The US Recommits to Defense Treaty With the Philippines
Commitment Follows an Incident With Chinese Ships
The United States reaffirmed on Monday its commitment to defend the Philippines under a 1951 treaty following an incident in which Chinese vessels collided with Filipino ships in the contested South China Sea, Voice of America reported.
The incident marks another escalation in the long-standing dispute over the resource-rich waters, drawing a sharp rebuke from Philippine officials.
Chinese ships reportedly blocked and collided with two Filipino vessels, including a Philippine coast guard ship and a navy-operated wooden supply boat, near the disputed Second Thomas Shoal on Sunday. While no injuries were reported, the encounters resulted in damage to both Philippine vessels, leading to heightened tensions in the region.
In response to the incident, President Ferdinand Marcos Jr. called an emergency meeting with Defense Secretary Gilberto Teodoro and other top military and security officials to assess the situation. The latest hostilities come as China's expansive territorial claims in the South China Sea face ongoing resistance from neighboring countries, including the Philippines, which has sought U.S. military support as incidents increase.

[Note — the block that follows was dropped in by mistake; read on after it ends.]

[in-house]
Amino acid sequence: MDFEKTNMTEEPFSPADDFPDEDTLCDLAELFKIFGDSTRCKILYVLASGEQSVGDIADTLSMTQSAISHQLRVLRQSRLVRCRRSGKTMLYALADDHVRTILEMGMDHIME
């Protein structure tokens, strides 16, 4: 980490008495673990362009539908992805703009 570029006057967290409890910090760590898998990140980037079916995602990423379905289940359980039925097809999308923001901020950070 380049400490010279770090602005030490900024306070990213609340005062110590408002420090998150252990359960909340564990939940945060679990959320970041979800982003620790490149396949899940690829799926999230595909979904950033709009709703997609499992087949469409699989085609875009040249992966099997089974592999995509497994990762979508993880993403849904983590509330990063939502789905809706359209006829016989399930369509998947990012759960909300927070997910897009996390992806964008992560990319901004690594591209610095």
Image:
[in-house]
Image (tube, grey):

Following the meeting, Teodoro lambasted China in a press conference, accusing Beijing of resorting to "brute force" and endangering Filipino crew members. He also criticized the Chinese government for obscuring the facts to hide its aggression.
"The Philippine government views the latest aggression by China as a blatant violation of international law," Teodoro stated. "China has no legal right or authority to conduct law enforcement operations in our territorial waters and our exclusive economic zone."
President Marcos has ordered an investigation into the high-sea collisions, although the specific steps the Philippine government plans to take were not disclosed by Teodoro. He emphasized, however, that the incidents have been taken seriously at the highest levels of government.
"The Chinese government is deliberately obfuscating the truth," Teodoro said, underscoring the government's decision to hold a news conference to provide accurate information about the incident.
The incident and ensuing diplomatic fallout highlight the ongoing challenges in the South China Sea, where overlapping territorial claims have sparked tensions between China and its neighbors. The U.S. has repeatedly expressed concern over China's aggressive actions in the region and has reaffirmed its commitment to defend its allies under existing treaties.